Print 68 comment(s) - last by kontorotsui.. on Feb 2 at 10:34 PM

Microsoft offers to buy Yahoo--again

In the world of Internet search there are three main players: Microsoft, Yahoo and Google. While Google excels, the other two members of the big three are seeing their market share drop and Yahoo is having serious financial woes.

According to MSNBC, Microsoft sees this as the perfect chance to buy the floundering Yahoo property and gain some ground on the 600-pound search gorilla Google. Microsoft made an offer to purchase Yahoo for $44.6 billion and according to some the purchase could be a boon for the entire technology market. The Microsoft offer raised Yahoo stock prices by 54%.

The Microsoft offer places a 62% premium on the Yahoo stock closing price from Tuesday and the 52 week high for Yahoo stock was $34.08 in October. MSNBC reports that Microsoft offered to buy Yahoo last year and CEO Ballmer sent a letter to the Yahoo board. The Yahoo board at the time declined the offer. Ballmer told MSNBC, “According to that letter, the principal reason for this view was the Yahoo board's confidence in the "potential upside" if management successfully executed on a reformulated strategy based on certain operational initiatives, such as Project Panama, and a significant organizational realignment.”

According to sources, shareholders of Yahoo could choose cash or stock in the form of Microsoft common shares. The total purchase of Yahoo would be made with 50% cash and 50% stock. Microsoft is reported to expect a $1 billion cost savings from the merger and says it will offer significant retention packages to key Yahoo employees, engineers and managers.

Yahoo is in the process of restructuring its online business and announced earlier this month that it would be making big changes to gain market share. Part of the big changes Yahoo made was to cut jobs in an effort to cut expenses.

DailyTech reported that rumors were circulating that Yahoo could potentially lay off as many as 2,000 workers -- a figure an insider denied saying the actual number of jobs likely to be lost was more in the hundreds. A few days after the company insider said job cuts in the hundreds, Yahoo cut 1,000 jobs and announced its profits had fell by 23%.

Comments     Threshold

This article is over a month old, voting and posting comments is disabled

RE: Merge
By FITCamaro on 2/1/2008 10:53:22 AM , Rating: 2
Actually at work my mom rarely uses Google. She's a pharmacist and I guess their search isn't great for finding info on drugs and other things pertaining to her job. I think she uses Yahoo.

RE: Merge
By jtesoro on 2/1/2008 11:16:29 AM , Rating: 2
I use Scroogle, which is actually Google. Without the cookies... without the ads... without the tracking.

RE: Merge
By Spivonious on 2/1/2008 1:53:33 PM , Rating: 2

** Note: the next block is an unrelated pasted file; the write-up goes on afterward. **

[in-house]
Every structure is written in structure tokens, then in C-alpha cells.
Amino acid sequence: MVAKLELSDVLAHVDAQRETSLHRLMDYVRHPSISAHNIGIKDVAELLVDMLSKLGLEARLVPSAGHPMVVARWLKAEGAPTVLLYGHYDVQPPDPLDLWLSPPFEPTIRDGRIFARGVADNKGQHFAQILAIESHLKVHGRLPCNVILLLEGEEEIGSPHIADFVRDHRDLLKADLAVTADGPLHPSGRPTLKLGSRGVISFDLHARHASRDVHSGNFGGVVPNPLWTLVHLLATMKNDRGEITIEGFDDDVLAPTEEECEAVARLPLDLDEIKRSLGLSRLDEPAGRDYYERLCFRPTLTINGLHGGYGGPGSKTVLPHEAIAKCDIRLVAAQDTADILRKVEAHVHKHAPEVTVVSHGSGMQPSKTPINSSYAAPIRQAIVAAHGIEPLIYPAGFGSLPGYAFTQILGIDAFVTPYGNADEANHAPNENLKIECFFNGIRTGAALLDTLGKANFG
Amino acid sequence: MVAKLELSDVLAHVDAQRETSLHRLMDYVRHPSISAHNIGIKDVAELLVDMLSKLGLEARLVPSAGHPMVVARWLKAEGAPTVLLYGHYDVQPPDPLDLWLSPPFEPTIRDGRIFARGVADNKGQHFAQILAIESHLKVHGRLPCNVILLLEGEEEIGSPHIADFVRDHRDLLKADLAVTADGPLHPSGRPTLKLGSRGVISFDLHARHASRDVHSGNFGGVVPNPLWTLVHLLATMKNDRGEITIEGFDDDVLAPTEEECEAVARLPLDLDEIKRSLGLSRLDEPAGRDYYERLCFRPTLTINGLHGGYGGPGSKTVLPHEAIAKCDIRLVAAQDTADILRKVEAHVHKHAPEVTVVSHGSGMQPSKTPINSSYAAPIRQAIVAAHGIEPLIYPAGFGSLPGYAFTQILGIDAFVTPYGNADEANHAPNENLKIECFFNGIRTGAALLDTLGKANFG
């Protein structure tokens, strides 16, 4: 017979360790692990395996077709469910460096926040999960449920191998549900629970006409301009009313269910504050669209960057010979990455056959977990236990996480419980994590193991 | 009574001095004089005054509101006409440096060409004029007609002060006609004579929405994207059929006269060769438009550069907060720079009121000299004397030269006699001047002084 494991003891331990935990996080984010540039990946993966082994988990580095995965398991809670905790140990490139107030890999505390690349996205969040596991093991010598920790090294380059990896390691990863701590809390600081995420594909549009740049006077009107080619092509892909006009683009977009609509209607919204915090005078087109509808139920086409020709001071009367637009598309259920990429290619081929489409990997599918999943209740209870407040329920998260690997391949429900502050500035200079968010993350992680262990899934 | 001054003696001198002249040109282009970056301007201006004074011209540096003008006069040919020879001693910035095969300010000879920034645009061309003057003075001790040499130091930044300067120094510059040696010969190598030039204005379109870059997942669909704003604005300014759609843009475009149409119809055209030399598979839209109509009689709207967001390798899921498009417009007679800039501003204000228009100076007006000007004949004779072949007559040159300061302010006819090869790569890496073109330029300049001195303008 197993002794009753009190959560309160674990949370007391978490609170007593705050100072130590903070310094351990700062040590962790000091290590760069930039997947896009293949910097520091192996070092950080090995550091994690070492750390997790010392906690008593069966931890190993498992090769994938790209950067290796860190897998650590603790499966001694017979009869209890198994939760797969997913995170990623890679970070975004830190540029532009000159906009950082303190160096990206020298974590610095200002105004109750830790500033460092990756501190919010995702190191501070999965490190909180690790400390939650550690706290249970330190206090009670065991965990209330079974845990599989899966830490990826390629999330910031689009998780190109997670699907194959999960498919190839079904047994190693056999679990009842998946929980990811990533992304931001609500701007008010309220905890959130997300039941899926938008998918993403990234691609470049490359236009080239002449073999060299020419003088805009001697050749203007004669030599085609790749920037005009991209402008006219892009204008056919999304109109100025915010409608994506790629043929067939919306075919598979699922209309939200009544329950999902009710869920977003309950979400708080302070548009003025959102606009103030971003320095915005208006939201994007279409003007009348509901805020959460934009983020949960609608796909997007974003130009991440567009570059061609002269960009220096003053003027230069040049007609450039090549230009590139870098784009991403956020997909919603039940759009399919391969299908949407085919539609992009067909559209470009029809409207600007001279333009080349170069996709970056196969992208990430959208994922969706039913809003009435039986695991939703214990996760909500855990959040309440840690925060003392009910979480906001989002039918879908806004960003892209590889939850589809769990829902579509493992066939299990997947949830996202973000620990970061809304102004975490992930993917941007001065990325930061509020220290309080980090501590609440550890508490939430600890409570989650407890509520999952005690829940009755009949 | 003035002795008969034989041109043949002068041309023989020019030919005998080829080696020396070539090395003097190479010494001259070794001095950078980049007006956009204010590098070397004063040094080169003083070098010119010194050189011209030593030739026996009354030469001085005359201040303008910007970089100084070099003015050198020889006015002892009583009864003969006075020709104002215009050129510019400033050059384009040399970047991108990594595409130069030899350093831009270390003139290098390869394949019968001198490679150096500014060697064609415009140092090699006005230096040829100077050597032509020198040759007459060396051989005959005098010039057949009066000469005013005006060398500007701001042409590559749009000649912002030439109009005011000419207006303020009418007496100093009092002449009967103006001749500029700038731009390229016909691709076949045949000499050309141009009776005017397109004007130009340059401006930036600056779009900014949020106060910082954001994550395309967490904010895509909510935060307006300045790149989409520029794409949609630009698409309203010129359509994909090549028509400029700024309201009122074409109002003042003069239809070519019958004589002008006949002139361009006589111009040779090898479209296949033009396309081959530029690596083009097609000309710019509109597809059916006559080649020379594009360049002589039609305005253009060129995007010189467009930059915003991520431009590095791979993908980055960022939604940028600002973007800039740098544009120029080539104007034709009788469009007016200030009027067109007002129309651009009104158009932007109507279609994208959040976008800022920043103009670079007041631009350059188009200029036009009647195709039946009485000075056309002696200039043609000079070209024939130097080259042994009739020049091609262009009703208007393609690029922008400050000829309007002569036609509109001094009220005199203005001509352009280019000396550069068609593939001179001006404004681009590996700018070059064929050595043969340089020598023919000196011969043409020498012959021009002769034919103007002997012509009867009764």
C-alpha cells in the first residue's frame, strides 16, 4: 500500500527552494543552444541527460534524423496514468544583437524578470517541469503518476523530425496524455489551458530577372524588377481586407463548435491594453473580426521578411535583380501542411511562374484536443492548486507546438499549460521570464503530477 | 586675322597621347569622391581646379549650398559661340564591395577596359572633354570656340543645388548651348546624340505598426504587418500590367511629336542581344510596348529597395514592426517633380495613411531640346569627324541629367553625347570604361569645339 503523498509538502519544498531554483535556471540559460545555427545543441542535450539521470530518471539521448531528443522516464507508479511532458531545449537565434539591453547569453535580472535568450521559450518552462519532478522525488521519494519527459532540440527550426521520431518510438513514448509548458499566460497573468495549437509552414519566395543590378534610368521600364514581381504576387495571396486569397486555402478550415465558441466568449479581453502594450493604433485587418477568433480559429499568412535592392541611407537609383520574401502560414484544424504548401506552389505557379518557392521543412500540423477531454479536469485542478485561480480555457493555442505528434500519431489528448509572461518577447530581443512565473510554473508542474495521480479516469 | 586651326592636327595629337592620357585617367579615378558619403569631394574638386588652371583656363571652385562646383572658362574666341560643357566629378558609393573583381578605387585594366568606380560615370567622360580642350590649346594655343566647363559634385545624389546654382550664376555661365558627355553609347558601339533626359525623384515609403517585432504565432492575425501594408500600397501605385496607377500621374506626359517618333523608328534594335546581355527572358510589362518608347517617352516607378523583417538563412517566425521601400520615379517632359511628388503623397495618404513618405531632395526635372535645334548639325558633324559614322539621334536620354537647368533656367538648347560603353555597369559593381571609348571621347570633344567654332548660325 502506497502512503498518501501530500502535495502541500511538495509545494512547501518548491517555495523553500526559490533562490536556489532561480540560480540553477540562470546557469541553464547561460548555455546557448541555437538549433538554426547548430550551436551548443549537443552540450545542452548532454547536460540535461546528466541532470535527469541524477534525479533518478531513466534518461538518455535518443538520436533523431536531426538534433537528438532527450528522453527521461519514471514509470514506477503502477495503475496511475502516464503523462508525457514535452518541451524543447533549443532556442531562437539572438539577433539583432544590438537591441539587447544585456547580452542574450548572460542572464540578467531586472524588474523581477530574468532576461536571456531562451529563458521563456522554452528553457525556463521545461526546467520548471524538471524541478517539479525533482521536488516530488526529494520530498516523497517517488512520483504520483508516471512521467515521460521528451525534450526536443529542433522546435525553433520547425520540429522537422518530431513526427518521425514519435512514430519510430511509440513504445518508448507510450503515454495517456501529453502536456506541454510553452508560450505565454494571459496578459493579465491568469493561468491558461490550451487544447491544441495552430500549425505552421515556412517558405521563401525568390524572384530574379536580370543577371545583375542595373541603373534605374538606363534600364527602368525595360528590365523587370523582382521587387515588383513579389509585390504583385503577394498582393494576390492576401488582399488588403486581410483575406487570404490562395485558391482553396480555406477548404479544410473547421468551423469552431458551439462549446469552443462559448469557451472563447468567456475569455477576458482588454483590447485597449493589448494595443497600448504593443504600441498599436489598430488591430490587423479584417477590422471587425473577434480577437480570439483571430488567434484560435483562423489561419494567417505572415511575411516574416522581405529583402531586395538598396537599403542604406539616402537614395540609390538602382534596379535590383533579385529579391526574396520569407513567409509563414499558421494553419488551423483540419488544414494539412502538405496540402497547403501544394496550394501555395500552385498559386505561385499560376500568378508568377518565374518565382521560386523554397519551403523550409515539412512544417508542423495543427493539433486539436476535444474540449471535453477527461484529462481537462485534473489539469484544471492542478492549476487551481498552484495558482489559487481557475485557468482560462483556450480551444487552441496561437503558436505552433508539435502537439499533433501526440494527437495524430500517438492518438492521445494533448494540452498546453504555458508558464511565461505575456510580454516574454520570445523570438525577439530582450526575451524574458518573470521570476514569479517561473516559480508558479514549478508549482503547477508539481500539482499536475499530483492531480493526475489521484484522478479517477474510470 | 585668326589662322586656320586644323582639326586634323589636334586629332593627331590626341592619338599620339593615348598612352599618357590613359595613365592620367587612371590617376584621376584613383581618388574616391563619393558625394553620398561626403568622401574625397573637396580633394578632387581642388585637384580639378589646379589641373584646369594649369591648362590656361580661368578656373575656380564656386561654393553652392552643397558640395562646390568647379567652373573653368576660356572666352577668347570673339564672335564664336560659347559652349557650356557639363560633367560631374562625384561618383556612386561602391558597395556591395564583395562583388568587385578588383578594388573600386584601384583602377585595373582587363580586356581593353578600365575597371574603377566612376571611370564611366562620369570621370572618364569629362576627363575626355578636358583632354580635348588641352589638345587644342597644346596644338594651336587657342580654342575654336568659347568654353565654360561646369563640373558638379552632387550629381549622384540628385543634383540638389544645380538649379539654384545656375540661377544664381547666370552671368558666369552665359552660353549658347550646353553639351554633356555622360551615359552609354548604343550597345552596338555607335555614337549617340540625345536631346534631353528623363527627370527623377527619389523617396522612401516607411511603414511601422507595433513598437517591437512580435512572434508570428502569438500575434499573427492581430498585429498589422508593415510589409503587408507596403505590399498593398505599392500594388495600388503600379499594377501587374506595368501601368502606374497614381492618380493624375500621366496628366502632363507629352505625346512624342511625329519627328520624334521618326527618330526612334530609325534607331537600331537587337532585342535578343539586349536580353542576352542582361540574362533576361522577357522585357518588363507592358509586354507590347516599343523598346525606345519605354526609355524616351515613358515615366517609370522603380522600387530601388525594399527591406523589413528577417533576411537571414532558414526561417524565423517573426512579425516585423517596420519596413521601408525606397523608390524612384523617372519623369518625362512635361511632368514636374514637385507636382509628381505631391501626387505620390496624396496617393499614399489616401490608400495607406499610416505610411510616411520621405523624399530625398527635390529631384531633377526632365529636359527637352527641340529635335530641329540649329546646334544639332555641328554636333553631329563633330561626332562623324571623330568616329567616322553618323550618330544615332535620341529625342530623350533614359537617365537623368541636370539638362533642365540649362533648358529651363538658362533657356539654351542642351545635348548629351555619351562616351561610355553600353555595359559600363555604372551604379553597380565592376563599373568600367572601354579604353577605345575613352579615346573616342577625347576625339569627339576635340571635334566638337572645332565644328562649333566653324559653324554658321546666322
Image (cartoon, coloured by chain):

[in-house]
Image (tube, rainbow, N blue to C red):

I'm pretty sure the tracking is internal to Google, so anything that uses Google will also have the tracking.

As far as not having the cookies, just block them.

RE: Merge
By jtesoro on 2/2/2008 1:01:03 AM , Rating: 2
Well, if Scroogle is to be believed, Google won't even be able to see my I.P. address. All searches will seem to emanate from Scroogle servers, so a search can't be tied to a single individual. Regular deletion of logs and Google cookies on Scroogle servers further removes any association between a search and an individual PC.

RE: Merge
By Malhavoc on 2/1/2008 11:35:09 AM , Rating: 2
Google Scholar is a little more useful than default engine for such things. Add in Google Books and even better. I've not used Yahoo much since the days of Infoseek, when both had their purpose for me (one search engine, one directory).

Perhaps I should check it out again, but I see all the annoying crap other than the search engine on the page and I can't take it seriously.

RE: Merge
By rudy on 2/2/2008 2:26:27 AM , Rating: 2
Finally someone else who feels the way I do. Google was good when it started because most of its users were more inclined. Now that it has become the search engine of the masses it has gone down hill. This is because it factors in what people are looking for and clicking on to rank searches. When everyone started using the internet they swayed that to the crap they were looking at and more people where trying to exploit ranking as well. The good old just match up the words you are looking for works better now IMO.

"This is about the Internet.  Everything on the Internet is encrypted. This is not a BlackBerry-only issue. If they can't deal with the Internet, they should shut it off." -- RIM co-CEO Michael Lazaridis
Related Articles
Yahoo Trades Pink Slips for Greenbacks
January 22, 2008, 4:24 PM
Yahoo to Make Big Changes
January 16, 2008, 12:16 PM

Copyright 2016 DailyTech LLC. - RSS Feed | Advertise | About Us | Ethics | FAQ | Terms, Conditions & Privacy Information | Kristopher Kubicki